8. Where is this debate and news? When I turn on the TV, channels are reporting that a Trump staffer was a wife beater. But, not just that: that is only background. The bulk of the discussion is about whether the White House knew and how they acted on the knowledge. But, even there, a lot is about what they knew and how they spun the story in public. Switch from the Democratic channel to the Republican channel and it is more of the same. Occasionally, you have things like taxes or immigration make it back to TV news. The thing to remember on these topics is that rhetoric is not the same as action. Trump says he'll build a border wall, but it is in his political advantage to come up for re-election saying the Democrats obstructed him, and if you elect him one more time -- along with a few more Republicans (or "better" Republicans) -- he will build it the next time around. You can really rest comfortably in the knowledge that after both sides have staked out this position or that, the actual ship will move in one direction or the other, but not too much. Paying close attention does not have any utility: it's just a modern day genre of soap-opera. (The exception is when something targets you directly: e.g. if you are an immigrant and have to make decisions, and need to figure out the precise details of what is playing out.) When it comes to news watching and debate following, my advice would be to do less of it. Give yourself some objective rule: like no news and debate of certain days of the week, or whatever works. Instead, pick up an actual long-form book and read it. Even if you choose a book about crises (lol), odds are it will still pay off more than paying attention to things you will not remember happened a few years from now, and won't impact your life too much more than the average impacts you can expect anyhow.
  9. Are we on the edge of the Peter Schiff dollar collapse?

    Two points here: If all you have is a theory of why something ought to work out a certain way, it's very weak. You need to have historical evidence of how there have been repeated episodes where the theory was shown to be true. This still does not prove the theory, but it is a basic requirement for taking it seriously 10 years is not enough. You have a lifetime to live, so you should look at a few lifetimes worth of historical evidence. Visualize yourself during the Great depression: Roosevelt is confiscating gold, enacting social-security, imposing all sorts of ridiculous rules on businesses. Finally, you are making decisions within the context of your lifetime. Imagine you see some causal factor that created some end result reliably, from the Roman empire down to today. But, imagine it took 400 years to play our from cause to effect, and in your judgement you are in year 90 of such an episode. How much does it really impact the decisions you should be making in the context of your lifetime? Gold should not be considered an "investment" in a core sense. Of course, if market values of productive assets are too high (in your judgement), then it makes sense to "park" your assets in a "store of value'. Doomsday scenarios sell, but your best bet is that they will not take place. Of course spending beyond one's means is bound to cause a problem some day in the future, but that's abstract enough to be useless as a decision-making tool. You have to flesh it out with concretes. Someone spending a small percent more than they take in is in a different position that someone more profligate. Both will eventually hit rock bottom, but time-horizons vary. Also, possible solutions vary. In a mixed-economy, when shit hits the fan, the democracy will typically take assets from those who did not get too hard, and redistribute it to those who were screwed. Consider what the Saudi king just did. He needed money, so he arrested a bunch of the richest guys in the kingdom, and told them they have to give the government money. probably raised about $100 billion in a few months. Democracies do these things with politeness and a softer glove. To be clear, history would say we should expect booms and busts, with occasional panics at a rate of (say) a couple in each investor's lifetime. But, that's different from doomsday scenarios.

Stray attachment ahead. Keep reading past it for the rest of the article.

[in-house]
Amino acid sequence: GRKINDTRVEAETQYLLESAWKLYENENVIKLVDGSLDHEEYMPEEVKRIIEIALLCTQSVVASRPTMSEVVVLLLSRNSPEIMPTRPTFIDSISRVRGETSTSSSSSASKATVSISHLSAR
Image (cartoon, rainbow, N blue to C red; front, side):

10. Isn't it true that if a country let one little bit of statism inform its principles, then it is statist in principle? Analogously for a person. It sounds like you're saying all existing countries are evil, and most people are evil too? But, more importantly, you seem to imply that there's no gradation of evil? Is that what you're saying? That gradations are either incoherent or useless?
  11. Innate ideas and animals

    The way to tackle this question is: as a biologist. E.g. what is an instinct, in manifestation? what is our hypothesis of the mechanism that gives rise to them? how are they distinguished from non-instinctual behaviors in non-humans?